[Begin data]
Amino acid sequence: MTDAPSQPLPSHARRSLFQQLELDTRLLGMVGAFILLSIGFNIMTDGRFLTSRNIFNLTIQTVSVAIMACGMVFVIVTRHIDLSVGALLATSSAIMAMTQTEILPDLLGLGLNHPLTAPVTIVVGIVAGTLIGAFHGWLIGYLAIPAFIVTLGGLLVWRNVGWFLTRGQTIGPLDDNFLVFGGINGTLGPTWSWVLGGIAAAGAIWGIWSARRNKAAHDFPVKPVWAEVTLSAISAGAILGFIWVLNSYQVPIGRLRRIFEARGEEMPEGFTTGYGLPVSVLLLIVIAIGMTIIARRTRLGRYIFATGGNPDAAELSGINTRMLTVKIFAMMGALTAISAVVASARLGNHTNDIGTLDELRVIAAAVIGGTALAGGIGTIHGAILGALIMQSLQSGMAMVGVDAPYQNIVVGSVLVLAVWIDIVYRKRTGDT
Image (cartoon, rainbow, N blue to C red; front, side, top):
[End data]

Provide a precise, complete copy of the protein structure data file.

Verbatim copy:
Amino acid sequence: MTDAPSQPLPSHARRSLFQQLELDTRLLGMVGAFILLSIGFNIMTDGRFLTSRNIFNLTIQTVSVAIMACGMVFVIVTRHIDLSVGALLATSSAIMAMTQTEILPDLLGLGLNHPLTAPVTIVVGIVAGTLIGAFHGWLIGYLAIPAFIVTLGGLLVWRNVGWFLTRGQTIGPLDDNFLVFGGINGTLGPTWSWVLGGIAAAGAIWGIWSARRNKAAHDFPVKPVWAEVTLSAISAGAILGFIWVLNSYQVPIGRLRRIFEARGEEMPEGFTTGYGLPVSVLLLIVIAIGMTIIARRTRLGRYIFATGGNPDAAELSGINTRMLTVKIFAMMGALTAISAVVASARLGNHTNDIGTLDELRVIAAAVIGGTALAGGIGTIHGAILGALIMQSLQSGMAMVGVDAPYQNIVVGSVLVLAVWIDIVYRKRTGDT
Image (cartoon, rainbow, N blue to C red; front, side, top):